Give your bullets a try and see what you can push them to before getting too worried. That's part of the fun.

  8. #8
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    JonB_in_Glencoe's Avatar
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    303max,
    welcome to the forum.
    a quick answer to your question, "do i need a gas check for .44mag"
    The answer is: you do not "need" a GC.

    There is a lot of info in the "classics and Stickies" section.
    this one also addresses your question.

    http://castboolits.gunloads.com/show...out-Gas-checks

  9. #9
    Boolit Grand Master

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    I load top end "J" bullet loads under my equal weight cast boolits in my 1894 marlin .44 mag and use all PB boolits with little issue. It used to lead a bit but for two reasons:

    - boolits were undersize (SAAMI rifle spec is 0.431" groove diameter where it is 0.429" groove diameter for handgun)
    - My gun had tight spots in the bore under dovetails and roll stamps

    Fat boolits then lapping the tight spots out improved accuracy and now leading is no longer.

    So, from my perspective... no you do not need gas checks for .44 mag rifle loads if the boolits fit well. However, there is nothing wrong with using gas check boolits if you prefer and they may take care of less than perfect boolit fit.

    YMMV

    Longbow

  10. #10
    Boolit Master
    Tom W.'s Avatar
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    Some of my .44 molds use a gas check, most don't.
    Tom
    μολὼν λαβέ


    Did I ever mention that I hate to trim brass?

  11. #11
    Boolit Master
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    Depends on how fast you want to push them .in my 357 mag I just use gas checked boolits if I go faster than 1100 fps .boolit fit is the main thing .

  12. #12
    If your alloy hardness is correct, the boolet size matches the cylinder throats AND the revolver has a smooth barrel and no constriction at the frame threads, a gas check is a waste of money.
    I find they are not needed in revolvers and pistols, certainly not under 1000 fps, usually not in magnums up to 1300 fps. A gas check can help if all the factors above are not perfect, which is why some shooters find them helpful.

  13. #13
    Boolit Buddy
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    Well said. A good quality lube surely helps, as well.

  14. #14
    Boolit Master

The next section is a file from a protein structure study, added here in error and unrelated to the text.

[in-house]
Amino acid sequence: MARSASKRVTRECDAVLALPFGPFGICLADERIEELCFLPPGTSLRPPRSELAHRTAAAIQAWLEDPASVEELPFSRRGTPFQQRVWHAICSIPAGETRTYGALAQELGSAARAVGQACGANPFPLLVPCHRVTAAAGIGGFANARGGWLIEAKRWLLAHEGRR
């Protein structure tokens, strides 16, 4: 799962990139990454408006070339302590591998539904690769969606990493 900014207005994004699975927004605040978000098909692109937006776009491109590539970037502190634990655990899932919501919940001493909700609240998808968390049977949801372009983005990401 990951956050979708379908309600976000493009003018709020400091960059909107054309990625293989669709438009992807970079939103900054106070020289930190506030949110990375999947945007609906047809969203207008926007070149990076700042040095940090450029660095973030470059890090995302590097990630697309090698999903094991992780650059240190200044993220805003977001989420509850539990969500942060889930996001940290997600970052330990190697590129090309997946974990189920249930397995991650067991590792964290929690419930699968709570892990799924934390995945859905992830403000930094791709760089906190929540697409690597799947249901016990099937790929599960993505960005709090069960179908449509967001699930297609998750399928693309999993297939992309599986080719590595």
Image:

Dragonheart's Avatar
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    Quote Originally Posted by Duckdog View Post
    Well said. A good quality lube surely helps, as well.
    I will ditto that and the very best lube is powder coating.

  15. #15
    Boolit Buddy

    Prodigal Son's Avatar
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    Lyman #2 alloy no if you stay around 1300-1400 fps! Keith style 255 gr pb kills everything needs killing from my M29 S&W
    Semper Fidelis, to God, Country and Corps!

  16. #16
    Boolit Mold
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    Thanks guys, lots of good info

  17. #17
    Boolit Buddy
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    I shoot without gascheck in my 44mag, with full jacket loads, no problem.
    bhn is around 20, sometime's even 16, I won't dare to go lower, bhn 20 works great
    .N110 21,0 grain with a 250gr rcbs boolit, lube is 50/50.

  18. #18
    Boolit Grand Master


    Larry Gibson's Avatar
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    In a revolver no you do not need a GC unless you want to push softer alloys (for expansion) with top end loads. As mentioned a good FB design with a good fit and a good lube is all that is "needed".

    However, the OP ask about the need for the GC in a "44 underlever" not a revolver. Then if top end magnum loads are wanted giving the best accuracy with the rifle then a GC'd cast bullet is going work best.
    Larry Gibson

    “Deficient observation is merely a form of ignorance and responsible for the many morbid notions and foolish ideas prevailing.”
    ― Nikola Tesla

  19. #19
    Boolit Master RED BEAR's Avatar
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    i would say try it both ways and if the gas checked bullet doesn't out preform the plain then why waste the money. every gun is different what works in mine may not work in yours. i load for some of my family and some come back and claim this is the most accurate ammo i have ever shot others complain that it is terrible i load for my guns and if it works for you great and if not so be it. just give both a try and see what work s for you

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Abbreviations used in Reloading

BP Bronze Point IMR Improved Military Rifle PTD Pointed
BR Bench Rest M Magnum RN Round Nose
BT Boat Tail PL Power-Lokt SP Soft Point
C Compressed Charge PR Primer SPCL Soft Point "Core-Lokt"
HP Hollow Point PSPCL Pointed Soft Point "Core Lokt" C.O.L. Cartridge Overall Length
PSP Pointed Soft Point Spz Spitzer Point SBT Spitzer Boat Tail
LRN Lead Round Nose LWC Lead Wad Cutter LSWC Lead Semi Wad Cutter
GC Gas Check